April 21, 2016
Prosecutorial Discretion and the Immigration Debate
DAPA, Harry Litman, immigration
by Harry Litman, former United States Attorney for the Western District of Pennsylvania, lawyer, and visiting professor at the School of Global Policy and Strategy at UC San Diego.
The case for DAPA, the contested immigration program that provides for not deporting certain aliens who are parents of U.S. citizens or of lawful permanent residents, comes down to two undisputed numbers: 11 million and 400,000.
The first is the estimated number of illegal aliens in the United States. The second is the approximate number of persons who can conceivably be deported every year given the resources Congress allocates to the detention and removal of undocumented aliens.
Given those hard numbers, it is no secret, and Congress plainly intends when it allocates funds, that DHS must exercise broad and deep discretion in determining which aliens are eligible for deportation in the first place. It is therefore no surprise that the oral argument in the case, which took place on Monday, featured extensive back-and-forth about the role of discretion in immigration law enforcement.
In fact, the need for such broad choices is a pervasive feature of federal law enforcement in general, not just in the immigration area. With the resources that they are allocated, federal authorities can prosecute only a very small fraction of the people who break federal. So they make choices – not just case-by-case by categories, set out in advance of the prosecution decision.
I am a former United States Attorney and before that an Assistant United States Attorney, or line prosecutor. In the office I headed, and every office I worked in, there were published prosecutorial guidelines that made very deep, threshold cuts among potential offenders.
For example, such guidelines specify that offenders with less than a certain amount of drugs (the amount will vary by drug), or whose fraud occasioned less than a certain amount of loss, will generally not be prosecuted in that district. (Individual exceptions are possible for particularly dangerous offenders, as indeed they are in the case of the DAPA program, whose beneficiaries remain subject to removal at any time.)
Such guidelines attempt to cull out from among an unworkably large group of potential defendants those people whose prosecution best furthers the goals of the law. Limiting enforcement activities to the small fraction of the most serious offenders is a routine and necessary feature of federal law enforcement.
DAPA is no different. Given the reality that in any given year, more than 95 percent of the undocumented population will not be removed, DAPA instructs enforcement officials generally not to train their sights on certain aliens who have lived in the United States for at least five years and either came here as children or already have children who are U.S. citizens or permanent residents.
Nor is there anything unusual in the Obama Administration’s making policy determinations when it sets enforcement priorities. That is a routine – and again necessary – feature of each Administration. One Department of Justice might choose to devote more resources to child pornography; the next to financial fraud. Given limited resources, each of those choices represents a decision to forgo prosecution in another class of cases within the vast majority of potential offenders who can never be prosecuted.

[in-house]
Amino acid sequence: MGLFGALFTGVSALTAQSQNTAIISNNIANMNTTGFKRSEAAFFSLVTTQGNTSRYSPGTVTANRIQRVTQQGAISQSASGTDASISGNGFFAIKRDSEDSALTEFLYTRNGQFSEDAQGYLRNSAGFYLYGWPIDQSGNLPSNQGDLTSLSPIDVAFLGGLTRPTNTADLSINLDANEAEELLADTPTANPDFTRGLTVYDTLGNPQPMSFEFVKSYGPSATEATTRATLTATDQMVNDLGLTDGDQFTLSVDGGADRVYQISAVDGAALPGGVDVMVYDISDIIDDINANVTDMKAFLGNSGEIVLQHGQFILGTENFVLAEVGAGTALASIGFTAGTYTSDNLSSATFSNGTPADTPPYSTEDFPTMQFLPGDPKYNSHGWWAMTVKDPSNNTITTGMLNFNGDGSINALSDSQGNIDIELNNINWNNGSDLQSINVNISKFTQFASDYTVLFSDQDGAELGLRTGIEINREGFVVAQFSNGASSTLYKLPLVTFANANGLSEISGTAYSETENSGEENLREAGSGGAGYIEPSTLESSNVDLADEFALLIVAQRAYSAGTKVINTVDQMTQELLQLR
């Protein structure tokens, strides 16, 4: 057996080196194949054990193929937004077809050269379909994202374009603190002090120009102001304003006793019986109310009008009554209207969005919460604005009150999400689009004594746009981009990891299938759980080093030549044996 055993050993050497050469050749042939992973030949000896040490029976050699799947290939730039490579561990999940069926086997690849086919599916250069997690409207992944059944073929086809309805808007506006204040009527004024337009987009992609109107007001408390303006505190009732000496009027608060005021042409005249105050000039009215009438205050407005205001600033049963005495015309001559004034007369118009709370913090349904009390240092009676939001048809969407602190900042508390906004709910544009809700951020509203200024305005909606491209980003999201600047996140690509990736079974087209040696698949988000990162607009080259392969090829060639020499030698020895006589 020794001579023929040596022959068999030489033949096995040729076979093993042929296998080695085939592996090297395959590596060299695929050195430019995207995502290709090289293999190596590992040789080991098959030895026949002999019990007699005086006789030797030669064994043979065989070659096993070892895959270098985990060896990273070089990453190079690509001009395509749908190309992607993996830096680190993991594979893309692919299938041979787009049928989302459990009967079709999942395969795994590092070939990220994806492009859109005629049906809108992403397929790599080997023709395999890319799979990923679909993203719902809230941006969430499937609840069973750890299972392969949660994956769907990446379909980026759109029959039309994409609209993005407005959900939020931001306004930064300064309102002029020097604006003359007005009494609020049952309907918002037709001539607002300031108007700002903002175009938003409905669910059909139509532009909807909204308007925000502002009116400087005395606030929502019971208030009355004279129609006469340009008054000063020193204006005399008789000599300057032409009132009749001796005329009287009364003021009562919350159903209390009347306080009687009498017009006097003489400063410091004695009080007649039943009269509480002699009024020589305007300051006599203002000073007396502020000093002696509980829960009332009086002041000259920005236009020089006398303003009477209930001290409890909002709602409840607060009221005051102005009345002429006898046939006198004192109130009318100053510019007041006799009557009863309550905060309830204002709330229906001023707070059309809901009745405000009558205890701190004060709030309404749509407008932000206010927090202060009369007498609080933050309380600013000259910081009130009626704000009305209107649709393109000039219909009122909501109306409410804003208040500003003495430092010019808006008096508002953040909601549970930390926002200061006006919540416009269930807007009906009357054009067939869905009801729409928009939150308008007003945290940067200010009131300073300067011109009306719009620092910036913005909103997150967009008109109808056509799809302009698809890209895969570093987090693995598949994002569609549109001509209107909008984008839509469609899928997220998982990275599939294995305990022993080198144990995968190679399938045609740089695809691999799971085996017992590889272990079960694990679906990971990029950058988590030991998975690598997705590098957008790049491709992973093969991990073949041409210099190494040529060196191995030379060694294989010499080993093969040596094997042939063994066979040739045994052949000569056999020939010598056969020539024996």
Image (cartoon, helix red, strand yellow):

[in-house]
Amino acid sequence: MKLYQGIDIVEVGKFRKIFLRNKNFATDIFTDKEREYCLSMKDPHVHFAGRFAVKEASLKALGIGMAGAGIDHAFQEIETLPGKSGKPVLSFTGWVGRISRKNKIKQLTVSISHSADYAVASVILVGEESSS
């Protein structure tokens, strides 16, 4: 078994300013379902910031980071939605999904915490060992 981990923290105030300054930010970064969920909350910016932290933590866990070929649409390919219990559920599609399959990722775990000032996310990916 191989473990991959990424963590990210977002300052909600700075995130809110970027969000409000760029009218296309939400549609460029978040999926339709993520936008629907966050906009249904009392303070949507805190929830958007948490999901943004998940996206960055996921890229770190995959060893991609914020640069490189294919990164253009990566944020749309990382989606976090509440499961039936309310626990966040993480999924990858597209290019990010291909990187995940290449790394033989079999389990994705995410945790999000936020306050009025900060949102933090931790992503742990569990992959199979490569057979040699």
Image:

To be sure, as critics of DAPA have argued, such priorities can be established for illegitimate reasons, for example in return for a bribe. But that is no argument against broad distinctions based on legitimate criteria. And in that regard, the factor of close family relationship to a U.S. lawful resident is a sensible point of distinction, as well as one that is already recognized in the immigration law as a legitimate basis for exercising prosecutorial discretion. As Justice Kennedy already has written for the Court, "Discretion in the enforcement of immigration law embraces immediate human concerns. Unauthorized workers trying to support their families, for example, likely pose less danger than alien smugglers or aliens who commit a serious crime."
Critics also suggest that prosecutorial discretion requires individual determination with respect to particular offenders rather than designation of group criteria such as DAPA’s identification of a class of undocumented aliens.
The suggestion is at odds with the facts, since all agencies exercise their discretion across groups of potential offenders, nor could it feasibly be otherwise.
But even if it could work that way, there is no good reason that it should. If policy choices are to be made in law enforcement, as is unavoidable, better they be made consistently and according to criteria that can be carefully deliberated and subject to political accountability. If discretion is simply a matter for line prosecutors to exercise as they see fit on a case-by-case basis, the inevitable result will be inconsistent arbitrary results that will be shielded from public view and hence debate.
DAPA itself is the subject of political debate in the current presidential election, with some candidates decrying the policy choice the Administration has made. That is as it should be. What DAPA isn’t, however, is an unusual exercise of prosecutorial discretion. It is rather the kind of determination that a federal agency faced with vast pools of potential defendants and sharply limited resources cannot sensibly avoid.